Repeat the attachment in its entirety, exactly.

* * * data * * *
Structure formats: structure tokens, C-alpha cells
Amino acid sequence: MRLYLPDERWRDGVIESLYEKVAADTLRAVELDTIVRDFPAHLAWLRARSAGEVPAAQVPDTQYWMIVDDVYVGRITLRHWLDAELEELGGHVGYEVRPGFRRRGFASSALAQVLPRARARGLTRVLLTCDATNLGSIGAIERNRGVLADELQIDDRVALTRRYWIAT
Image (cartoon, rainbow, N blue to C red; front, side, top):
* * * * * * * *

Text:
Structure formats: structure tokens, C-alpha cells
Amino acid sequence: MRLYLPDERWRDGVIESLYEKVAADTLRAVELDTIVRDFPAHLAWLRARSAGEVPAAQVPDTQYWMIVDDVYVGRITLRHWLDAELEELGGHVGYEVRPGFRRRGFASSALAQVLPRARARGLTRVLLTCDATNLGSIGAIERNRGVLADELQIDDRVALTRRYWIAT
Image (cartoon, rainbow, N blue to C red; front, side, top):